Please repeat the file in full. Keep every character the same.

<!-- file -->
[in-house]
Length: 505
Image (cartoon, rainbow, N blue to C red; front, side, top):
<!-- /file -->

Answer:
[in-house]
Length: 505
Image (cartoon, rainbow, N blue to C red; front, side, top):